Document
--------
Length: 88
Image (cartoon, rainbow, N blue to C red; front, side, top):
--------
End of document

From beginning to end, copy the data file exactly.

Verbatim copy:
Length: 88
Image (cartoon, rainbow, N blue to C red; front, side, top):